Goldsmiths seek support from the state
By Quintus Perera
Some of them claim they are descendants of royal jewellery makers. Like many of our ancient skilled craftspersons who came from particular groups, some of the best jewellers in the land come from the specific communities and are now spread across Sri Lanka.

However a group of 100 families from the famous chain of traditional jewellers have settled in the villages of Madapathala, Dangedara, Eliot Place and Bingeuda in Galle and are exclusively making jewellery for trade.

Like the communities who acquired skills in various forms like pottery, drumming and so on, the traditional community of jewellers have continued generation after generation to sell their skills in making jewellery, some of which must be in the homes of the rich and famous all over the world. They however earn a pittance for their skills while the traders who buy their goods reap the benefits.

One of the roads in Madapathala is named after U.A. Simon de Silva who lived in Madapathala for 84 years and died in 1971 and is said to be royal jeweller and a superb craftsman.

Small pockets of these craftspersons are also found in various parts of the island, supposedly in places where there were kingdoms. Legend has it that King Kavantissa married Viharamahadevi and set up their kingdom in Ruhuna. Some of these jewellers in the Madapathala area say that their ancestors served King Kavantissa.

Most of these small time goldsmiths are struggling to eke out a decent living as they work for others - traders - who earn the big bucks. Though some of their skillfully crafted jewellery are exhibited and sold in such exhibitions like the FACETS 2004, concluded recently at the Hotel Hilton, with a estimated sales figure of $3 million, these village craftspersons have no direct access to these exhibitions or buyers. The big stores and traders come to their workshops, bargain and buy their best crafted products at very low prices that are then sold at these exhibitions or to foreign visitors at fancy prices.

The Madapathala goldsmiths complain that the government is not doing anything to uplift their trade and help them secure their own markers instead of going through middlemen. What they lack is capital and marketing skills to start a business of their own instead of depending on others. Most of them are employed in workshops run by others, either for a fixed salary or on piece rate.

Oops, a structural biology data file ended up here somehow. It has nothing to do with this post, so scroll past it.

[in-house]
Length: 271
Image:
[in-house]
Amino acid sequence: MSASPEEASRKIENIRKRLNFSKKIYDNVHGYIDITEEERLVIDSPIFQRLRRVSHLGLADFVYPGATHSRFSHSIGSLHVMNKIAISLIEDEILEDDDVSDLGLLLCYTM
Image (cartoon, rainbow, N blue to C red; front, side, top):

It is estimated that these goldsmiths in Galle deal with around eight kilograms of gold in the form of various ornaments, apart from silver and other metal work. A sovereign weighing eight grams would now cost around Rs 11,000. Though these people also deal with various gems it would be difficult to estimate how much money is transacted.

They are hoping the government will help them to get loans through banks at concessionary interest rates without collateral. They said that bank loans are very hard to come by for them. They could also be provided with some sophisticated machinery, like in other countries, on concessionary rates so that they could be competitive in the international market.

At Madapathala, A.W. Nihal, 40 years, has three children and has been engaged as a goldsmith since his childhood. His parents, grand parents and great grand parents also were engaged in the jewellery craft. He works for others and is paid on a piece rate.

Chandra Jayasekera, another goldsmith working in workshop owned by someone else, also laments the lack of support for their industry saying he recently made jewellery for some foreigners while a gold ring studded with gems and crafted by him was sold to an American tourist.

In Dangedara, the husband-and-wife-team of U.W. Janath and K.M.A. Roshanthi, has a jewellery workshop in their house, with the craft coming down the ages from Janath's ancestors.

Victor and Mallika de Silva in Bingeuda, another husband-and-wife combination now in their sixties could be classified as middle level gem and jewellery traders. They trade expensive gems and also run a jewellery factory with several craftsmen employed there. They have calibrated gems to be studded in jewellery. They said that they are getting a good income from their gem and jewellery transactions. They work on rubies, sapphires and diamonds which are studded in gold ornaments.

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